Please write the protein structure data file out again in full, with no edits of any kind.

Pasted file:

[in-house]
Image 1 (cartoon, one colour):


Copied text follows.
[in-house]
Image 1 (cartoon, one colour):